January 2022 — Current

A prototype Forest Treatment Planner integrating the Forest Vegetation Simulator with spatially explicit models

CBI has developed a beta version of a Forest Treatment Planner which is a linked set of analyses for exploring the effects of management interventions on future forest conditions.


Deanne DiPietro, M.A.
Senior Science Coordinator
707- 477-6516

The Forest Treatment Planner was developed to provide forest managers a platform for exploring the potential consequences of different forest management alternatives in both the short and long-term, examine the resource-based trade-offs inherent in any proposed vegetation management action, and clearly substantiate the rationale behind management planning. Originally envisioned as a means to help balance fisher habitat conservation with fuel reduction efforts, the Treatment Planner provides a dynamic link between GIS, the Forest Vegetation Simulator (FVS) modeling software, and any resource model (e.g. habitat, hydrology, fuel, economic) that uses the EEMS (Environmental Evaluation Modeling System) modeling environment. As such, the Treatment Planner is not a model per-se, but a system of communication between existing software that, when used together, can facilitate spatially-explicit comparisons and project refinement. By exporting an FVS output directly into the EEMS modeling environment, this framework allows for a transparent evaluation of the impacts to multiple resource values and a straightforward process for communicating these impacts to stakeholders.

The Treatment Planner supports an iterative process of treatment project simulation, adaptive management, and outcomes analysis, the steps in what we refer to as the "4-Box" decision making framework. The 4-Box model is a conceptual representation of a process designed to help predict future landscape conditions based on simulated management actions and change over time (see Figure).  In this process, the forest manager first examines the current conditions of the landscape through the lens of a particular question or management objective (e.g., where is there a need for protection or restoration?). They can then explore the predicted effects of various simulated management alternatives (e.g., thin from above, or thin from below), to see how they would affect the stand structure (e.g., stand density, basal area, and average DBH) over time, both immediately and into the future. Finally, the manager can examine how those new conditions would then affect a particular phenomenon of interest such as, severe fire risk, or wildlife habitat suitability. This process is then repeated under a different set of treatment options (scenarios) to inform the development of an effective management strategy.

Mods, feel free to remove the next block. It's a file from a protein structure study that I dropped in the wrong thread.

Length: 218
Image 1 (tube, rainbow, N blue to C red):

Figure 1. The 4-Box model represents a process for evaluating future conditions based on simulated treatments and change over time.

You can check out the detailed steps to use the treatment planner using the document on the file tab. The relevant code for the treatment planner is available at github, click here to download.

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